The race in California State Assembly District 64 was a four-way competition that ended with Democrats Mike Gipson, a member of the Carson City Council (2005-present), and Prophet La’omar Walker, an engineer and community advocate, advancing to the general election after the nonpartisan, top-two open primary.
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Gipson, who turned his years of experience serving in the Mayword Police Department (now part of the LA County Sheriff’s Department) and Carson City Council into a campaign platform, garnered 51 percent of the vote in the primary election. Walker, a community organizer and activist, finished a distant second with 21.4 percent of the vote.
While Gipson received support from a majority of primary voters, under the top-two primary system, the top two vote-getters advance to the general election regardless of party affiliation or how much of the vote they get. This is why, under “Top-Two,” the general election cannot be simply referred to as a “runoff election.”
Gipson’s 30-point lead might have come from the many unions he has worked with: the United Teachers of Los Angeles (UTLA), where he ensured the enforcement of the contractual right of teachers, the Service Employees International Union’s (SEIU) Local 399, where he was the legislative and political director, Justice for Janitors (SEIU Local 1877), where he was the political director, and SEIU Local 99, where he was the business representative.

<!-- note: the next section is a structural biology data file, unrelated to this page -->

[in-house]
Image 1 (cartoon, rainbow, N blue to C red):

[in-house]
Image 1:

Under 'Top-Two,' the top two vote-getters move on to the general election regardless of party affiliation or how much primary support they had.
Trailing by such a huge margin, Prophet Walker faces a major challenge heading into November. However, the candidate remains positive.
His determination is a theme seen throughout the personal story of resilience and triumph he has shared during his campaign.
When he was just an infant, Walker lost his mother to drugs. He was tried as an adult at 16 for robbery and great bodily injury and sentenced to 6 years in prison. It is not an uncommon story in his district, but what he got out of it is the inspiring element that has driven his campaign.
While in prison, Walker helped start a program that gives incarcerated minors the ability to earn a two-year college degree, and became the program’s first graduate. He went on to attend Loyola Marymount University and graduated with a degree in engineering — all before he turned 22.
Since then, more than 100 minors have graduated from Walker’s program and later enrolled in 4-year college programs. Walker has since become a successful engineer and continues to develop and head community betterment programs.
Walker’s story, leadership, and commitment have earned him admiration from hundreds of people from all walks of life, including the young people he has supported, education and foundation leaders, and even his former prison guards and probation officer.
His campaign has gotten so much attention that it has been financially supported or endorsed by actor Matt Damon, TV pioneer Norman Lear, and Compton Mayor Aja Brown.
While Gipson maintains his strong lead, Walker remains driven.
“The primary campaign was kind of introducing me to voters,” he said. “But now I think we’ll be able to make a great comparative argument as to why we’re the better candidates.”